Zoon Alternate Rules
These comments copyright 1999 by Steffan O'Sullivan
This page last updated July 23, 1999
Zoon is a card game from West End Games. Fun cards,
great price, poor game.
Rather than spend my time on a review, I'm instead offering alternate
rules to use with those fun-looking cards.
- Extra equipment needed:
- A d6 for each player,
- 12-15 pennies per player.
- Use the set-up rules as written, except players turn all six
cards in the front row face up in place once all 24 cards have
been placed on the table. Place a penny showing "heads" on each face-up
card, so it doesn't obscure either the movement or power.
- When a card is lost due to combat, you must flip another card
face up. You must always have at least six of your cards face up,
unless you are reduced to five or fewer cards, in which case they're
all face up. You may have more than six cards face up: if a card in
the back row is involved in combat or moves out of the back row, it is
turned face up for the remainder of the game.
- Use the movement rules as written.
- Attacking is instigated as in the rules as written, but resolved
- When a penny is showing "heads" a piece has the combat value of the
sum of the two numbers at the top of its card. When a penny is showing
"tails" a piece has the combat value of the sum of the two numbers at
the bottom of its card. After every combat, any piece involved in combat
has its penny flipped to the opposite side.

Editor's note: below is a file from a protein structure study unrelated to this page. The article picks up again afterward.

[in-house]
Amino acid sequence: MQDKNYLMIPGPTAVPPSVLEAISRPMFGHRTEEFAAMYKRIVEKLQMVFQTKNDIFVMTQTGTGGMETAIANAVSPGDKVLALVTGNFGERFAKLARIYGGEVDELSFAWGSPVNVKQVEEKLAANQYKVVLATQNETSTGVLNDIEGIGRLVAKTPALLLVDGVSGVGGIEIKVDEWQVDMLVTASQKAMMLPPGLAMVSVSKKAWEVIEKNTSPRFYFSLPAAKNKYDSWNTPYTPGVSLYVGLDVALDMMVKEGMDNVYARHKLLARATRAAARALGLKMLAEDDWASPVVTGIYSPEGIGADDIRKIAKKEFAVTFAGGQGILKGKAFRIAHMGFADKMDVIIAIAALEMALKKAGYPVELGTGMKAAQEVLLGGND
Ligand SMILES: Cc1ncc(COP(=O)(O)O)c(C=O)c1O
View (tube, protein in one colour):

- Each player rolls a six-sided die (d6) and adds it to the current
combat value of the piece. The higher total wins the combat. In case of
a tie, the piece with the lowest combat value wins. (The Underdog
rule.) If both pieces have the same combat value and the same die result,
the combat is a draw.
- If only one piece has a Star in its current combat
value, the Star becomes the higher number of the opponent's
current combat value. Ignore Stars if both sides have one in their
current combat value. In case of a draw, follow the special rules on
the tribe card.
- If only one piece has an X in its current combat
value, the X becomes the lower number of the opponent's current
combat value. Ignore Xs if both sides have one in their current
- Combat trumps with multiple uses are placed to the side of the
board after their first use, in order to hold a penny. A trump's
first usage is always as if its penny were showing "heads."
- Game play otherwise is as in the rules.
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